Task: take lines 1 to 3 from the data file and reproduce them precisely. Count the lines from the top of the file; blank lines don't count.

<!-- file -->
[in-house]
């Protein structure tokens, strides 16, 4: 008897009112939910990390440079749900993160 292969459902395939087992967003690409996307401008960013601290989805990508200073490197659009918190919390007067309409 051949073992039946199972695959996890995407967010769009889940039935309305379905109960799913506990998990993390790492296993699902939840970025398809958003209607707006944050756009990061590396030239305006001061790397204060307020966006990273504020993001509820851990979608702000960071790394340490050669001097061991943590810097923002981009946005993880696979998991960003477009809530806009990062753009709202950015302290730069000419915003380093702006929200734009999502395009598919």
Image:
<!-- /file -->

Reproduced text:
[in-house]
């Protein structure tokens, strides 16, 4: 008897009112939910990390440079749900993160 292969459902395939087992967003690409996307401008960013601290989805990508200073490197659009918190919390007067309409 051949073992039946199972695959996890995407967010769009889940039935309305379905109960799913506990998990993390790492296993699902939840970025398809958003209607707006944050756009990061590396030239305006001061790397204060307020966006990273504020993001509820851990979608702000960071790394340490050669001097061991943590810097923002981009946005993880696979998991960003477009809530806009990062753009709202950015302290730069000419915003380093702006929200734009999502395009598919």
Image: